California doesn’t prevent you from acting as your organization’s registered agent, but it’s quite a commitment — read our guide to get a better idea of what it’ll entail. Hiring a professional service is the best route, but it can be a bit spendy (around $160/year).

The cheapest way to get registered agent services is typically through an online filing provider. Some companies, like Harbor Compliance, offer a year free (see details) when you form your organization with them.

Step 3) Select Incorporators & Directors

Choose the Initial DirectorsDepending on whether you’re forming a Public Benefit, Mutual Benefit or Religious Nonprofit, you may need to select incorporators and initial directors. Your incorporators will be responsible for executing the Articles of Incorporation, and your initial directors will oversee the nonprofit while it’s in the formation stage (until Step 7, when official directors will be voted in).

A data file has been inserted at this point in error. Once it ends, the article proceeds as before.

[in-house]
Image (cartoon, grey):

Article 5. 5-1 provides some direction here, as does this PDF on the fundamentals of nonprofit governance. Ideally, however, you’ll be able to work with a nonprofit attorney or incorporation provider on this step to ensure you totally understand all the formalities involved.

Step 4) Draft NonProfit Bylaws

Register an LLCYour bylaws are the rules and stipulations that will govern your organization, and they’re essential to running a legally compliant nonprofit in California. You can find tons of info on recommended bylaws online, but here are some topics you’ll probably want to cover:

  • How frequently you’ll hold meetings
  • The process of adding or amending bylaws
  • How you will elect/appoint new officers and directors
  • Where/how you will keep and manage your corporate records (see Step 6)

It’s a good idea to take advantage of a corporate bylaws template to help you put an initial document together. Your bylaws will be voted on and adopted later on (in Step 7). If any changes or amendments are made that contradict what you disclose on your Articles of Incorporation, you’ll need to notify the proper authorities so they can be reflected on the public record.